President Joko “Jokowi” Widodo is running out of patience. It’s been almost four years since he initiated the development of the jewel in the crown of all his infrastructure projects: the highest dam in the whole Southeast Asia. But the development of Bener Dam in Purworejo, Central Java, has been going nowhere.
The invasion and forced occupation of Desa Wadas, whose residents have been resisting the eviction because of the project, by thousands of police officers, and the subsequent attacks and arrests of more than 60 farmers on Tuesday are actually a reflection of Jokowi’s loss of patience.
Jokowi is a concrete man, building his image since becoming the mayor of Solo, then the governor of Jakarta and finally the president of Indonesia by making roads, markets, dams and developing MRT system. The word “gorong-gorong” (water tunnel) is mostly associated to him because his fond of building and inspecting physical projects.
For him, there is no progress without constructing buildings, roads or other physical and concrete projects. There is nothing that can permanently cement his legacies but concrete and big buildings. That’s as far as he can understand. It seems that for him education or democracy or environment are not real, and just words.
So, it’s no wonder that he likes to be remembered as the person who has built the longest toll road (Jakarta-Surabaya toll road or trans-Sumatra road), or the biggest dam. By realizing the development of Bener Dam he would stamp himself as the one who builds the highest dam, not in Indonesia, but in the whole Southeast Asia.
After all, he probably knows he hardly achieves anything meaningful. By any parameter Indonesia stays stagnant or is getting worse compared to the period before him. The number of people live below poverty line stay the same, if not increasing during his eight years in power. The gap between the poor and the rich is increasing while civil liberty and freedom of expression have been curtailed in many places in Indonesia.
The institutions his predecessors worked hard to nurture have been weakened under his watch. Checks and balances are disappearing with, for instance, the Corruption Eradication Commission (KPK) being amputated, giving spacious room to corrupt elites to steal state’s money.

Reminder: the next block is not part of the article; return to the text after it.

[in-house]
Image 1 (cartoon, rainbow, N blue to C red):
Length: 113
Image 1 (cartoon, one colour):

At the same time, the country’s foreign debts are ballooning. In other words, Indonesia’s natural resources are depleting but it does not translate into the prosperity the people are expecting.
Then, it’s really in big projects – especially Bener Dam and also moving the nation’s capital from Jakarta to some random place in East Kalimantan – he is hoping to shine, compensating his obscure achievement in other sectors.
But now his target of realizing the highest dam in Southeast Asia in 2023 or at least before his term ends in 2024 is threatened just because residents of one small village within the location of the project, called Wadas, are stubborn enough to reject the project.
So, something must be done, and must be done fast.
Meanwhile, Central Java Governor Ganjar Pranowo is also increasingly under pressure to deliver. How can he prove he is worthy of becoming the successor of Jokowi in 2024 if he can’t even help turn the dream dam into a reality?
With such a respective personal ambition, it is beside the point to ask whether the project really benefits the people, or in fact, even destroys them.
That’s why the violent invasion of Desa Wadas by the police, and subsequent arrests of villagers were taken without hesitation. The forced taking over of the village from the hands of the farmers is for the greater benefit, right? It’s just that it is not clear who get the benefits other than that it’s for the ambition of Jokowi and Ganjar.
But the forced eviction of Desa Wadas residents, who merely defend their only possession and their rights to live, is a robbery in broad daylight of people’s livelihood, wiping out history and identity of thousands of people as human beings. Seeing this way, there is no crime bigger than this.
How can they even think of creating something good out of crime against humanity and misery of other people? Then, how can we tell the difference between this Jokowi’s action from Soeharto’s forced and violent eviction of villagers of Kedung Ombo in 1980s? How can tell the difference between Jokowi regime and Soeharto’s totalitarian New Order?
If people had the guts to fight against Kedung Ombo project even in the height of Soeharto’s totalitarian regime, then we surely must have the nerve and conscience to resist the same crime against the people now.
The year 2024 is just around the corner, and Jokowi should have just gone away quietly. Instead, he will go down in history being compared with the most corrupt, violent and ruthless ruler Indonesia has ever known.